'Trust Me, I'm from the Past'

I watched Mitt Romney dominate the presidential debate immediately after viewing the time travel movie Looper.  If I had access to time travel, I would use it now to leverage my role as the only person on Earth willing to testify that young Obama was a genuine Marxist socialist in 1980.

Energized by Romney's performance, I am asking myself what can I do -- right now -- to forestall a real-life enactment of the future imagined by Rian Johnson, writer and director of Looper.  After all, Johnson's vision looked so bleak that my wife's reaction was to say: "Looks like Obama won."

If I had the advantage of time travel, I would go full-on Bruce Willis right now.  I would go to 2008 and introduce myself to the television studios of Fox News, CNN, and MSNBC.

I believe that public knowledge of my face-to-face confrontation with young Obama's ideological extremism in 1980 would have helped prevent Obama's election in 2008.  My account of Obama's anticipation of a Communist revolution would have alerted voters to the reality that Obama is not a bipartisan politician, but rather a longstanding advocate of class warfare and other hateful ideas promoted earlier by the likes of Frank Marshall Davis.  My story would have highlighted the real Obama, the Obama who asserted, as he did at a at a Martin Luther King Day speech at the University of Chicago in 2002, "that rich people are all for non-violence" simply because "they want to make sure people don't take their stuff."

I would share with the people of 2008 that Obama is stuck in the ideological past.  He is a partisan extremist who cannot imagine doing what Clinton did to save the American economy or uplift the black urban underclass.  Obama is the sort of ideological purist who would never pivot to the middle.  I would tell the people of 2008 that Obama's lack of bipartisan skill would blow a perfectly good deal with House Speaker John Boehner for reducing the federal deficit.  I would tell them that instead of cutting the deficit in half, Obama will increase the deficit more than all the presidents before him.  I would alert the people of 2008 to the fact that Obama would be eager to weaken the previously rock solid work requirements of welfare reform. I would repeat a key line from the movie: "Trust me, I'm from the future."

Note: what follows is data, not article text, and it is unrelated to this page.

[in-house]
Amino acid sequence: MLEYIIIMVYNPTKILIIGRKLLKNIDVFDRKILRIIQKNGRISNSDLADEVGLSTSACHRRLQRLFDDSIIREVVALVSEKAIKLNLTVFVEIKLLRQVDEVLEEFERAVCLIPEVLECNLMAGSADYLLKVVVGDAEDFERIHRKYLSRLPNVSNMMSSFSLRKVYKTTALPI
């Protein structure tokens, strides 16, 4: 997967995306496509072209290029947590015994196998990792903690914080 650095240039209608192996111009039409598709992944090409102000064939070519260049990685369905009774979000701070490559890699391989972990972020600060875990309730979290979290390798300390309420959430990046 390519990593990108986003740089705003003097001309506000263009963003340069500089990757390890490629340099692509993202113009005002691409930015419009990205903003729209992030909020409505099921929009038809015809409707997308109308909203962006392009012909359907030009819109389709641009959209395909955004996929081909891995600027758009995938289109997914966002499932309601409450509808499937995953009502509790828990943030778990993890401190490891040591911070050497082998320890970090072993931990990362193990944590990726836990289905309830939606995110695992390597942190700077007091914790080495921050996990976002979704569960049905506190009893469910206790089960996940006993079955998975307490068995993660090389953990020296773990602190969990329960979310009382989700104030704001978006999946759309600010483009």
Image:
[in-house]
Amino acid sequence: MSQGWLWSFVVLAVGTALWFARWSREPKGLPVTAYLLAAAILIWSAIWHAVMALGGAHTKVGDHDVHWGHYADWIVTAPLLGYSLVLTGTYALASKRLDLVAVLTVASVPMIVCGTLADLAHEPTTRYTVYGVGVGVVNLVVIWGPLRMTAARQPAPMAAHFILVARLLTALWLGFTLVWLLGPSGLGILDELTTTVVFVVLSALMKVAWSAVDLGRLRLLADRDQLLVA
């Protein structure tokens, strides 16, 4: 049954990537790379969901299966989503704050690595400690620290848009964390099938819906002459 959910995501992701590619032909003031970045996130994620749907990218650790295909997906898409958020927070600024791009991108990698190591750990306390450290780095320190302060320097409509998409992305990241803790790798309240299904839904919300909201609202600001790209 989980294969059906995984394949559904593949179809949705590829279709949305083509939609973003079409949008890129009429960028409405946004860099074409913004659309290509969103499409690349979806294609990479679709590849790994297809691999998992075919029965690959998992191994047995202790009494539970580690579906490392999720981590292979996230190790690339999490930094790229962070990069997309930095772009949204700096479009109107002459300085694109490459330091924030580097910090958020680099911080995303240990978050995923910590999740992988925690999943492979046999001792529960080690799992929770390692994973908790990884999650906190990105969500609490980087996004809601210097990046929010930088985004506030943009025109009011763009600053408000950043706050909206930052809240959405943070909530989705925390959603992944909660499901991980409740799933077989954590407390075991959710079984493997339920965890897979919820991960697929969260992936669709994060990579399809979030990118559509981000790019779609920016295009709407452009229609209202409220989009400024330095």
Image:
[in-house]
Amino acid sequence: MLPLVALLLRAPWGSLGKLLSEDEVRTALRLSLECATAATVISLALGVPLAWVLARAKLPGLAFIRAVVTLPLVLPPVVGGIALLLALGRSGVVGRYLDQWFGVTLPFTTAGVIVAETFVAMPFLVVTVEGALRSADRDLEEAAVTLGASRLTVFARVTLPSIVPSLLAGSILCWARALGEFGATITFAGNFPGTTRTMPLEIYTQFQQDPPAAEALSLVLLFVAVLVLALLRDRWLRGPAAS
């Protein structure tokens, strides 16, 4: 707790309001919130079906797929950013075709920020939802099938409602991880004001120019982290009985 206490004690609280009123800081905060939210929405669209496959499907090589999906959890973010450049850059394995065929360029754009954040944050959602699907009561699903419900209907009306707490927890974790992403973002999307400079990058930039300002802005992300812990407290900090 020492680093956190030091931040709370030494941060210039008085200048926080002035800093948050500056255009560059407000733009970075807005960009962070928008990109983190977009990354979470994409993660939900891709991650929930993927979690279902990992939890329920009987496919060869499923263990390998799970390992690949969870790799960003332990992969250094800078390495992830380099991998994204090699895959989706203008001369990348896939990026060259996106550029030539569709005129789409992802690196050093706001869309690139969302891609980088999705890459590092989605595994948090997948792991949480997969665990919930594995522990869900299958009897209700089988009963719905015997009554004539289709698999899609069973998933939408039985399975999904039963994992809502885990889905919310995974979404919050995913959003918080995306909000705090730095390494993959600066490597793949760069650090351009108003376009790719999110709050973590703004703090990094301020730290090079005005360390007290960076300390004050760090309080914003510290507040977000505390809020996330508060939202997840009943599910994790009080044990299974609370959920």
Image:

Lacking the option of time travel, I still think my story helps explain why it was fairly easy for Mitt Romney to defeat Barack Obama in a formal debate.  I can report that young Obama was no genius.  I saw signs of that young Obama last week when Romney pointed out that in 25 years in business, he had never seen a special tax break for corporations who send jobs overseas.  Obama -- without his teleprompter and entourage of liberal sycophants -- is apparently incapable of reacting forcefully to a verbal punch from a true business and political heavyweight. 

Temperamentally, I remember young Obama treated my more accurate understanding of world history with an abrupt, even demagogic hostility.  I distinctly remember young Obama's dismissive, arrogant attitude even as I was presenting him with compelling evidence that Marxist theory was dead wrong at predicting the path of European social and economic events.  I remember schooling young Obama so thoroughly in just one evening myself that he left my girlfriend's house agreeing with my more moderate neo-Marxist perspective.

Culturally, I can report that when I debated young Obama in 1980, he talked like a white guy.  I did not hear a trace of the phony accent that highlighted Obama's shocking comments to a conference of black ministers at Hampton University in Virginia in 2007 regarding the redistribution of wealth.  In fact, the young Obama I met in 1980 talked like a wealthy, privileged white guy.  It never occurred to me to think of young Obama as African-American.  After all, the African-American students at Occidental College were largely uninvolved in radical campus politics.  They were more likely to be active in the Gospel choir than in the Democrat Socialist Alliance.  Instead, young Obama seemed more like a foreign prince visiting the United States.

While I cannot enjoy the benefits of time travel, I do live within six hours of Las Vegas, NV.  I suspect that my Bruce Willis moment will come when I share my story of debating young Marxist Obama with swing voters in the nearby Silver State.  My wife and I have signed up to spend a weekend in Las Vegas walking precincts for the Romney/Ryan campaign.  We will enjoy some meals, hotel accommodations, a night on the town, and an opportunity to impact this historic election.  I have my tagline ready: "Trust me, I'm from the past."